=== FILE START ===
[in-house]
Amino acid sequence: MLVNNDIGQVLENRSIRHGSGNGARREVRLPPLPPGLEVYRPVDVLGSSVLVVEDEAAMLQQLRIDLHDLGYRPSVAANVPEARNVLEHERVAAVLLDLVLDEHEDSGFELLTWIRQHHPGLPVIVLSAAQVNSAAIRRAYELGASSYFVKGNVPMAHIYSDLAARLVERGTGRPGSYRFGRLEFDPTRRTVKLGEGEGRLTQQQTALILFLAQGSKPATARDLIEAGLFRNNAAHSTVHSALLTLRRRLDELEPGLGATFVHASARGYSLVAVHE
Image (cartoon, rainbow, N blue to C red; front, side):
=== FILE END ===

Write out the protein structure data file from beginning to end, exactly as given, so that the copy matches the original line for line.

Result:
[in-house]
Amino acid sequence: MLVNNDIGQVLENRSIRHGSGNGARREVRLPPLPPGLEVYRPVDVLGSSVLVVEDEAAMLQQLRIDLHDLGYRPSVAANVPEARNVLEHERVAAVLLDLVLDEHEDSGFELLTWIRQHHPGLPVIVLSAAQVNSAAIRRAYELGASSYFVKGNVPMAHIYSDLAARLVERGTGRPGSYRFGRLEFDPTRRTVKLGEGEGRLTQQQTALILFLAQGSKPATARDLIEAGLFRNNAAHSTVHSALLTLRRRLDELEPGLGATFVHASARGYSLVAVHE
Image (cartoon, rainbow, N blue to C red; front, side):